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After each lid is placed, complete the jars by tightly winding the ring around each one. Fill your cold packer with cold water mixing in 1/2 cup vinegar. Add the rack and place your jars appropriately inside. Carefully lower the rack into the water. Add more water if needed; you want the jars to be completely covered.

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Are you ready to play the waiting game? Cover and bring the water to a boil; this will take roughly one hour. Once boiling, leave on stove for another 2 and a half hours. When time is up, use a jar lifter to cautiously remove the hot jars. Set them on a heat resistant surface where they can cool overnight. You will hear them pop as they cool to let you know they’re 100% done.

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Use a permanent marker to write the date on the lids of your fully cooled jars the next day (not pictured, oops). Store the beans in a dark, cool location and enjoy fresh food through the cold and dreary Winter months! I was surprised how simple the process was for canning beans and I’m so glad I finally spent the time with my grandmother to learn it! Not only a helpful skill to have, but another great day for my memory bank too 🙂

For more brief instructions, check out the ‘recipe style’ version below. Happy canning!!

How to can Green Beans

Supplies and Ingredients:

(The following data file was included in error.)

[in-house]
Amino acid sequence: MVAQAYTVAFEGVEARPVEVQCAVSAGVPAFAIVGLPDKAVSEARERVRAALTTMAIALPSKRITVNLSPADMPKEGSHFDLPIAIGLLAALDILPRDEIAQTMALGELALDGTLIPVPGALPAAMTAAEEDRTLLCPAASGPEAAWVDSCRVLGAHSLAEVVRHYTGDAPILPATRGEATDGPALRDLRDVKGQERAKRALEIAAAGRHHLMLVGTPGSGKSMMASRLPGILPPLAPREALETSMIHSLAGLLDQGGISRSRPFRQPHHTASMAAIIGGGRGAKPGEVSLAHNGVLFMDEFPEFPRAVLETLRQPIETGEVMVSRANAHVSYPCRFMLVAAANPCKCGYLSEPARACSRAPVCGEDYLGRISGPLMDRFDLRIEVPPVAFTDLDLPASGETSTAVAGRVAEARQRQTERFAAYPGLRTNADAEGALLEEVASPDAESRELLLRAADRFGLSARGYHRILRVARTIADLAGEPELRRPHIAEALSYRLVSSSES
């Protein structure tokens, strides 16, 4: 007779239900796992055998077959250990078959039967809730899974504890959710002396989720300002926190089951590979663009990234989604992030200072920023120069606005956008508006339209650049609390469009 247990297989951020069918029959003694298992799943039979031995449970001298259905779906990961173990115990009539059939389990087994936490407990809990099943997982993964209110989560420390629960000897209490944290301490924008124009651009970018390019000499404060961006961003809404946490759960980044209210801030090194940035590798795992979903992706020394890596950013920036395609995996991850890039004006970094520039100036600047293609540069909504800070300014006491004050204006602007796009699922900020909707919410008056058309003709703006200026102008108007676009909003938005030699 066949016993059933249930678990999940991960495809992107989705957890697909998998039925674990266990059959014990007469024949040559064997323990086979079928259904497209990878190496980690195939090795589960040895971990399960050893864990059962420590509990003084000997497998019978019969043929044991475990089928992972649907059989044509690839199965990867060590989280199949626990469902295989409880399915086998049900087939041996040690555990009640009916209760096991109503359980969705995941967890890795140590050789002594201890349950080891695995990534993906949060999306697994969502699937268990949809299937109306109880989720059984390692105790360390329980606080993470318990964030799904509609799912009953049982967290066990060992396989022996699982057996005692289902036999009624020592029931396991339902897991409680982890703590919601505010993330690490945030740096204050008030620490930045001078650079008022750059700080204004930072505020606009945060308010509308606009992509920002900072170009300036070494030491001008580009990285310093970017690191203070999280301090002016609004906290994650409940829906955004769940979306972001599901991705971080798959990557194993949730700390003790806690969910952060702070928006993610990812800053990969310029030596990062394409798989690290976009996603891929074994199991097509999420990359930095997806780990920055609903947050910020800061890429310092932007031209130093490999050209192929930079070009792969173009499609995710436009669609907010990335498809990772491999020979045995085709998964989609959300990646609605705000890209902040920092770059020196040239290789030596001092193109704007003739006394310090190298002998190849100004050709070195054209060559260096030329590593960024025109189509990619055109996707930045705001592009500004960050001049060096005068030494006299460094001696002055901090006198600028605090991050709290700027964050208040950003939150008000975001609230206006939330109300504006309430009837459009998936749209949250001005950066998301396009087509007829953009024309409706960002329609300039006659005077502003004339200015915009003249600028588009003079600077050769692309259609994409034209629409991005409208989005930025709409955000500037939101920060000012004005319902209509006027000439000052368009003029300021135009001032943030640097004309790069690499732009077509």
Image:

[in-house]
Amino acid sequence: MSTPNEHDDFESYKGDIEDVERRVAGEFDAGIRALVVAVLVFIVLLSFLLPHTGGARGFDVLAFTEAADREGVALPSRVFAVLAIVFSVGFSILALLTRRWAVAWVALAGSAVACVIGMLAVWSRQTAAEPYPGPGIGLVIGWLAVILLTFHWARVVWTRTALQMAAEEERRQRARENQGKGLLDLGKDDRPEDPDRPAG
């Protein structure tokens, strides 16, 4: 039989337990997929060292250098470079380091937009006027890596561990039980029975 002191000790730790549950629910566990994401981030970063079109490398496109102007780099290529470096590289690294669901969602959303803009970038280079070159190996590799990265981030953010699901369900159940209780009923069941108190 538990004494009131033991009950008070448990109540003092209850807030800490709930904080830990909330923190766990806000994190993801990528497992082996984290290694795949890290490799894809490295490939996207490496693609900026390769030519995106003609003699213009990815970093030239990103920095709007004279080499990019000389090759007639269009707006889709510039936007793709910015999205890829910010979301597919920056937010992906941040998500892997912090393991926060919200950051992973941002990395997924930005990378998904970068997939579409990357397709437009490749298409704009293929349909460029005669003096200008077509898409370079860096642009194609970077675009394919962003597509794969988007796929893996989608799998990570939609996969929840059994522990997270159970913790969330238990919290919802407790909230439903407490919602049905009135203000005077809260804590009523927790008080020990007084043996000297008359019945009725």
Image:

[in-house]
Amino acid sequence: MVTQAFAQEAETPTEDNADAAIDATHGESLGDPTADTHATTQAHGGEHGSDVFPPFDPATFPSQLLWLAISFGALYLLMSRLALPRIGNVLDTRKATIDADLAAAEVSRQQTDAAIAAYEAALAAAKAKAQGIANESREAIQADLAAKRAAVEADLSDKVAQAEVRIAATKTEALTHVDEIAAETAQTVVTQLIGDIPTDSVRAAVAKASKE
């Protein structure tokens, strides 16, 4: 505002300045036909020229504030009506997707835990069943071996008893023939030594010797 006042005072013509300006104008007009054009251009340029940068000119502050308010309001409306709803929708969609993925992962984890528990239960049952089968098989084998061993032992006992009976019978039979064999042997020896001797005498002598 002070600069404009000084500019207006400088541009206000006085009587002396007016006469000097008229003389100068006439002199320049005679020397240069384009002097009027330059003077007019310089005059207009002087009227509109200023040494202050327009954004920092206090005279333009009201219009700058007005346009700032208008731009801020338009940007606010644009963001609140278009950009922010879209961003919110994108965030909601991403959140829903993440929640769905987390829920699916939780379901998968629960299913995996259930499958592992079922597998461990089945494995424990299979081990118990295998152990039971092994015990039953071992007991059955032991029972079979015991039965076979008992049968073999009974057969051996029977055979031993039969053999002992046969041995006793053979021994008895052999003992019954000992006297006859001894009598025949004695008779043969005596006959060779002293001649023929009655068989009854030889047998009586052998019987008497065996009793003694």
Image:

• Cold Packer with rack, like this
  • 7 Pint size jars with lids and rings
  • Roaster, or other pan, for sterilizing
  • Jar Lifter
  • Green beans
  • 1/2 – 1 tsp Salt
  • Water
  • 1/2 cup Vinegar (we used apple cider vinegar)

Instructions:

  1. Gather beans, snap off ends and clean.
  2. Sterilize jars in boiling water for 3-5 minutes each; you can have multiple jars in at a time.
  3. Pack jars full with beans, breaking in half as needed and using a butter knife to fit as many as possible.
  4. Sterilize lids in boiling water for 3-5 minutes.
  5. Add salt to jars full of beans. Pour in water filling to the neck of each jar.
  6. Wipe the mouths of each jar ensuring they are clean and free of salt. One grain of salt will prevent sealing!
  7. Remove sterilized lids from the boiling water, pat dry and place on top of each jar.
  8. Complete the jars by tightly winding the ring on each one.
  9. Fill the cold packer with cold water. Mix in vinegar and position the rack.
  10. Place the jars around the rack and carefully lower into the water. Add more water at this point if needed; the jars need to be completely covered.
  11. Cover and bring to a boil (takes roughly one hour)
  12. Once boiling, leave on stove for 2.5 hours. At the end of the 2.5 hours, remove the jars with caution using a jar lifter.
  13. Set the jars on a heat resistant surface to cool overnight. You will hear them pop as the process completes.
  14. The next day, use a permanent marker to write the date on the lids of the fully cooled jars.
  15. Store in a dark, cool place – a pantry is fine.

 

As always, thanks for reading!!

 

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1 Comment

  1. Pingback: How To: Canning Tomato Juice | Our Front Door Looking in...